The CATS CM® approach to contract management recognises a number of important responsibilities. It is crucial to incorporate these responsibilities unambiguously and in the correct place in the organisation. What to keep in mind? How do you make sure that contract management responsibilities are assigned to the most logical person or department?
Responsibilities for successful contract management
The four most decisive responsibilities for successful implementation of contract management are:
- The process ownership
- The contract ownership
- The contract manager(s)
- The contract administration
Process ownership: high up in the chain
Who is responsible for determining the contract management process and with it the description of the contract lifecycle? Process ownership is the authority to determine what the process looks like. This also includes the responsibility to inform and support all parties involved, to monitor the execution and to implement changes when necessary.
Process ownership must be placed high up in the organisation. The bigger the scope of the process ownership of contract management, the greater the guarantee that the contract management process will be carried out in the same way everywhere. On the client’s side, it makes sense to assign this process to the person who also has the process ownership of the other processes of the contract lifecycle, for example the central purchasing manager, or a central contract management department. Suppliers will more commonly house this in the production departments, because the supplier’s contract management process is much closer to the primary business processes.
Contract ownership: signature or requirement?
Who is the owner of a contract on behalf of the organisation? Who is authorised to settle the obligations with the counterparty, solve contractual issues, accept any deviations in the execution and to approve contractual modifications?
The most obvious way to determine the contract owner of a contract is by looking at who signed the contract. However, this does not always provide certainty, for example because only the senior managers are allowed to sign. That’s why one often looks at the original determiner of the need of the contract. On the supplier side, this is the person who decides to conclude the contract with the client.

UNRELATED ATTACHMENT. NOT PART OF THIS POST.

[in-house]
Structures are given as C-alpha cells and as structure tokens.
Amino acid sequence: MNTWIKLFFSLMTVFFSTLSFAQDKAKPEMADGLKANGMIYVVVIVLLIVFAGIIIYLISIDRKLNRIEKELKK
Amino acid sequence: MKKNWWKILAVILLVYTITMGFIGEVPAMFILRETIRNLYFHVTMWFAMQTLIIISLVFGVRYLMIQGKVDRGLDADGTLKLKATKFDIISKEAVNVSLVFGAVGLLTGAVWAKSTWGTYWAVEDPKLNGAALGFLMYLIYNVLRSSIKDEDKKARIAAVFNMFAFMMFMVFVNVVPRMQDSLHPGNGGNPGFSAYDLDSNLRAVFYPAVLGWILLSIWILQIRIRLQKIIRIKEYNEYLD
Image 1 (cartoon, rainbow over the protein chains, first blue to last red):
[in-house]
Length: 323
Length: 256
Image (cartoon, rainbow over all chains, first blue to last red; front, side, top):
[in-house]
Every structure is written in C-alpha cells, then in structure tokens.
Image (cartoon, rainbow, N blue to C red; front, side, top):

It is best when an organisation sets rules for determining who the contract owner is, so the owner can be easily determined for new contracts.
Who is assigned the role of contract manager? Are these people at the determiner of needs, purchasers or others?
There are three obvious positions for placing the contract manager in the organisations:
The contract managers are brought together in their own department. This can be a central location in the organisation or a certain department, from where they can be deployed for the whole range of contracts. This variant is often used when the contracts are directly related to the primary process of the organisation and with it the success of the organisation as a whole.
The contract manager works in the department of the contract owner. This is often the case when substantive knowledge is crucial for being able to manage the contract.
The contract manager works in the Purchasing department (client) or Sales (supplier). Because the involvement of the purchasing/sales department is very significant during the first part of the contract lifecycle, it can be useful to maintain this involvement after signature of the contract.
What is the best variant? It depends on the situation. It is important for organisations to make a conscious choice on the basis of the arguments which are important to them. And these aren’t the same for each organisation. Factors which could play a role in this include:
- necessary knowledge of the content
- necessary knowledge of the organisation
- direction (central/decentralised/matrix)
- size of the organisation
Where is responsibility placed for the registration of all data related to the contract? Two different requirements must be brought together for positioning contract administration. One the one hand the contract manager must be properly facilitated in his job. This requires a solution that can be set up and structured according to the wishes of the contract manager.
On the other hand, there is a need to apply the same method of registration across the organisation, in which the data of all phases of the contract lifecycle
As such, contract management does not always have the same place in an organisation. There is no ‘best’ way, it’s different for every organisation. The most important thing is that organisations make well substantiated choices. This is the only way in which contract management can work efficiently and effectively and add maximum value to the organisation!